Pregnancy is regularly described as being one of the most enriching and fulfilling experiences there is. However, the physical and emotional hurdles that many women have to navigate during pregnancy are significant, and it can often be a real challenge to return to a normal working routine after the birth of your child. That is where paid maternity benefit comes in.
Maternity benefits, through the form of paid and unpaid maternity leave, exist to give expectant mothers in Ireland time to prepare for the arrival of their newborn in advance of birth and to spend time caring for the child afterwards. However, it is crucial to be aware that there are certain conditions that come with paid maternity benefit in Ireland, and not every mother to be is entitled to it. This issue is particularly relevant for expectant Irish mothers returning home having spent at least a couple of years living abroad.
At Moving2Ireland, we receive a lot of questions and queries from returning Irish emigrants and newcomers about maternity benefit. We have answered some of the most pertinent queries below.
I am an expectant mother, and an Irish citizen, who has just moved home after five years abroad in Canada, will I have access to publicly-funded maternity care in Ireland?
Yes, public maternity care is available to all expectant mothers who are “ordinarily resident” in Ireland. However, it should be noted that maternity care and maternity benefit are two different things entirely.
In the context of maternity care, “ordinarily resident” refers to a person who is in living in Ireland and intends to make Ireland their home for the next year or more. This maternity care is accessible through the Maternity and Infant Care Scheme and includes free in-patient, out-patient and accident and emergency services in Irish public hospitals in respect of your pregnancy and giving birth.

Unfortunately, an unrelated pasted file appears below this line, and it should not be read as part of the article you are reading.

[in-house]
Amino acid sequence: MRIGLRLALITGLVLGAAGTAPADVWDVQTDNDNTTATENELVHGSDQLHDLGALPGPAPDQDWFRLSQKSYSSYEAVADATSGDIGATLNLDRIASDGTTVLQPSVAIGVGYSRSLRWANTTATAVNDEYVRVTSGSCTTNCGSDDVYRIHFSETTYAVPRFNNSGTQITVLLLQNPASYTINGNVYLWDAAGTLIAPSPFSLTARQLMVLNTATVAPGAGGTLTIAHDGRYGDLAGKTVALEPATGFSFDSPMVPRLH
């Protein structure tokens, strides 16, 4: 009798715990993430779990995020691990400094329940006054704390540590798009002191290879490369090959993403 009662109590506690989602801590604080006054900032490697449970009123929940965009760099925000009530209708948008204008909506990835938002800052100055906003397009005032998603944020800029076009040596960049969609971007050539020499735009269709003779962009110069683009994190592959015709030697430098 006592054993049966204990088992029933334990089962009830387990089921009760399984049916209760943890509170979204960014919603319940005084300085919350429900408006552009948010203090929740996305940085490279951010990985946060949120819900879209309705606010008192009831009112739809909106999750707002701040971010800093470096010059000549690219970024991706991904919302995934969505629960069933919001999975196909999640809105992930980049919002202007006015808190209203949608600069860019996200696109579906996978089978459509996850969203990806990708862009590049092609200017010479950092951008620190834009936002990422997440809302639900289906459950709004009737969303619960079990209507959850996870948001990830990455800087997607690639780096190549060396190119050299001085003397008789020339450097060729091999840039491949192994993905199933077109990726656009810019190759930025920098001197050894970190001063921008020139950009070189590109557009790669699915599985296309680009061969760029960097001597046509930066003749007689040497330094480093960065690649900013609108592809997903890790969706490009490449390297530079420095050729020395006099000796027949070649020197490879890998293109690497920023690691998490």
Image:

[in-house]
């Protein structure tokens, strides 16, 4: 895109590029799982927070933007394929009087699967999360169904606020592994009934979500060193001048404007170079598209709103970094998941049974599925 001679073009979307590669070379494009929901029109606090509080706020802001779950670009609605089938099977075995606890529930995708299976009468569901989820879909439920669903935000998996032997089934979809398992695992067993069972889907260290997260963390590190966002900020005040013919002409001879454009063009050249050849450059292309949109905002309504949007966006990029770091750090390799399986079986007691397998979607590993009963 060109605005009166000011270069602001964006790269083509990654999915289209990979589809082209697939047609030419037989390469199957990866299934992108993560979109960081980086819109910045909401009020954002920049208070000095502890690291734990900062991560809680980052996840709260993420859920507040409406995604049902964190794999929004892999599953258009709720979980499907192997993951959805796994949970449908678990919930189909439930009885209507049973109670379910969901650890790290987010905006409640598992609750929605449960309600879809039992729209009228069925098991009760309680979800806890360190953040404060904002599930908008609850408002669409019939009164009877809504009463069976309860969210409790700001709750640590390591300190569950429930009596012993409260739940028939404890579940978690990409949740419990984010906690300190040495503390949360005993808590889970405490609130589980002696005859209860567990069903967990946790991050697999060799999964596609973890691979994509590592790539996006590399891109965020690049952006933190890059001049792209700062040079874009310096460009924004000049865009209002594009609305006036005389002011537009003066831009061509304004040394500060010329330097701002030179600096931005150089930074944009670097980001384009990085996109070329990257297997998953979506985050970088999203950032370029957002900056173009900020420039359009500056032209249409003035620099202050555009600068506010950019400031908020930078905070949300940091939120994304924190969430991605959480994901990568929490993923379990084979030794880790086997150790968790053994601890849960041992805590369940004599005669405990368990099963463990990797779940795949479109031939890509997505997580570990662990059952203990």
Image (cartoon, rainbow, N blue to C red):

If you are a returning Irish emigrant who is pregnant, then you will be entitled to all of the aforementioned services provided you can satisfy the “ordinarily resident” criteria, which should be relatively straightforward so long as you intend on residing in Ireland.
Great, that’s a relief. Can you tell me what maternity benefits are available in Ireland?
Sure. Maternity benefit is a payment that is made by the Department of Employment Affairs and Social Protection to women based in Ireland who have the required number of paid social (PRSI) contributions on their social insurance record and who are in insurable employment up to the first day of their maternity leave in Ireland.
If you qualify for maternity leave in Ireland, then you are entitled to a basic period of leave from your job. This entitlement is for 26 weeks’ paid maternity leave together with 16 weeks’ additional unpaid maternity leave, which begins immediately after the end of the maternity leave. An extension is available in the event of a premature birth.
The standard rate for maternity benefit in Ireland is €240.00 per week as of March, 2018. However, depending on your individual employment contract, you may be entitled to a higher rate from your employer. For instance, some employers will agree to pay their staff in full during their time off with the resultant maternity leave payments being made to them. It should be noted, however, that there is no legal obligation for your employer to pay you extra while you are on maternity leave.
Finally, since 1994, any woman deemed eligible for maternity benefit is also entitled to the Working Family Payment (formerly known as FIS).